You know who Adrian Martinez is, right? Well, maybe you say you don’t, but odds are, you do. The guy may not be a headliner (yet), but it’s highly likely that you can recall his memorable performances in movies and TV shows like “Sex and the City,” “It’s Kind of a Funny Story,” “Extremely Loud & Incredibly Close,” “A Gifted Man,” “Casa de mi Padre” and loads more.
Martinez’s most recent credit comes from Ben Stiller’s “The Secret Life of Walter Mitty” in which he plays Walter Mitty’s #2, the guy just under the negative assets manager at Life magazine. When Walter heads out on his first ever adventure to track down Sean O’Connell’s coveted negative #25, it’s up to Martinez’s Hernando to support the mission from home base while the establishment is dismantled around him.
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“The Wolf of Wall Street” lets you relish in unparalleled no holds barred debauchery while increasingly disillusioning the fun and games with the nasty reality of the situation along the way.
The film is based on the true story of Jordan Belfort (Leonardo DiCaprio), a guy who kicked off his career on Wall Street with the best intentions, but threw all of his morals out the window in exchange for money, women and drugs. Jordan founded Stratton Oakmont and reveled in the lucrative business of selling fraudulent stocks at his costumers’ expense, but there was just so long he could carry on making scenes, crashing cars and drowning himself in Quaaludes before the FBI caught on.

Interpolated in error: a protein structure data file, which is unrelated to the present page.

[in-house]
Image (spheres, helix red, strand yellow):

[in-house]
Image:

Having read the real Belfort’s memoir, I walked into Martin Scorsese’s feature adaptation knowing what the character is capable of, but apparently I wasn’t capable of imagining the true extent of Belfort’s antics while reading the book because on screen, the behavior is above and beyond. There’s no reason to like the guy. He cheats on his wives, robs innocent people of their hard-earned money and is absolutely wasted the large majority of the movie, but at the same time, it’s so easy to understand why he gets away with it for so long. He’s a total charmer and an absolute blast to hang out with.
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Time travel in “About Time” functions as highly entertaining and amusing component, but it’s also embedded in a barrage of tremendously honest and relatable drama that makes it a deeply affecting experience worth taking with you well after the credits roll.
Upon turning 21, Tim’s (Domhnall Gleeson) father (Bill Nighy) lets him in on a family secret – all of the men in their family possess the ability to travel back in time. After hopping into a dark closet and clenching his fists, Tim learns that this is no joke and sets out to use his newfound ability to achieve his primary goal, to find a girlfriend. While all the redos in the world do give Tim the ability to improve his life in various respects, the gift has its limits.
As someone in her mid-20s looking for “the one,” finding her footing within her career, and on the cusp of establishing a life of her own, “About Time” is overwhelming in the most wonderful way imaginable. That’s not to say that a moviegoer at any other stage in life can’t feel the effects of Richard Curtis’ directorial swan song, but as someone who drew an instant connection to the chain of events, “About Time” is a film I’ll never forget.
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